Current fair value of total net assets, including goodwill ($800,000 ÷ 0.80)
The minority interest and goodwill in the consolidated balance sheet for Parent Corporation and subsidiary on the date of the business combination are computed under each method described in paragraph 15 as follows:
Minority interest in net assets of subsidiary
a. Minority interest ($900,000 x 0.20)
Goodwill [$800,000 ($900,000 x 0.80)]
b. Minority interest ($600,000 x 0.20)
Goodwill [$800,000 ($900,000 x 0.80)]
c. Minority interest ($1,000,000 x 0.20)
Goodwill ($1,000,000 $900,000)
The minority interest in the subsidiary's net assets and the goodwill as computed in paragraph 16 are not recognized in the accounting records of either the parent company or the subsidiary. They are included in the consolidated balance sheet by means of a working paper elimination. The following working paper elimination (in journal entry format) for Parent Corporation and subsidiary on the date of the business combination illustrates this. (In the illustration, which incorporates the method described in part a of paragraph 15, amounts not in boldface are assumed.)
Common Stock— Sub
Additional Paid-in Capital— Sub
Retained Earnings— Sub
Various Identifiable Assets— Sub
Goodwill — Parent
Investment in Sub Common Stock— Parent
Minority Interest in Net Assets of Subsidiary
To eliminate intercompany investment and equity accounts of subsidiary on date of business combination; to allocate excess of cost over carrying amount of identifiable assets acquired, with remainder to goodwill; and to establish minority interest in net assets of subsidiary on date of combination.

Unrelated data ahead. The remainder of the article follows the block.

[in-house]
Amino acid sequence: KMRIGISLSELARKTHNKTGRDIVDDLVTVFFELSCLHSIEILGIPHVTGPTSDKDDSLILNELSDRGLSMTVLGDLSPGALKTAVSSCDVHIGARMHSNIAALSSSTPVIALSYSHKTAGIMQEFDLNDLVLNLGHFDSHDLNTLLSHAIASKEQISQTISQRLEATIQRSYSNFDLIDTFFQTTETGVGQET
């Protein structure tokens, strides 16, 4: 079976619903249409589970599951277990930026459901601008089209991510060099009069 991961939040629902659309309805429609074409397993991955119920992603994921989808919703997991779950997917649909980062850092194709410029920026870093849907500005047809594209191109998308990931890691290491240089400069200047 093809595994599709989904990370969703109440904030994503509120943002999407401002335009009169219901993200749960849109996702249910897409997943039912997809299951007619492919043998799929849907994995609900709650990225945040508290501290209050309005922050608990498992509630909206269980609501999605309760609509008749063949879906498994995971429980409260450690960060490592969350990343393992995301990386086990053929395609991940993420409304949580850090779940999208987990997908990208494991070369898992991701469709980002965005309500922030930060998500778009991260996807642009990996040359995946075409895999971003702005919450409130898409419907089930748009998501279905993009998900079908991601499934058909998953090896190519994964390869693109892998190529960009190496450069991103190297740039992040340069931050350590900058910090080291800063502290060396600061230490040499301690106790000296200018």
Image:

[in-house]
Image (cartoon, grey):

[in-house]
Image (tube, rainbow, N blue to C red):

If a business combination that results in a parent companysubsidiary relationship involves a bargain-purchase excess, the excess of current fair values of the subsidiary's identifiable net assets over the cost of the parent company's investment is applied pro rata to reduce the amounts initially assigned to specified assets. The proration is accomplished in a working paper elimination.
A description of the consolidation policy reflected in consolidated financial statements is included in the "Summary of Significant Accounting Policies" required by APB Opinion No. 22, "Disclosure of Accounting Policies."
Consolidated financial statements are useful primarily to stockholders and prospective investors in the common stock of the parent company. Creditors of all consolidated corporations and minority stockholders of subsidiaries find only limited use for consolidated financial statements because such statements do not show the financial position, operating results, or cash flows of individual corporations comprising the consolidated group. In addition, consolidated financial statements of a highly diversified corporate group are impossible to categorize into a single operating segment or product classification.
The SEC has authorized push-down accounting, for valuations based on parent company investment cost, in the separate financial statements for certain subsidiaries of companies subject to the SEC's authority.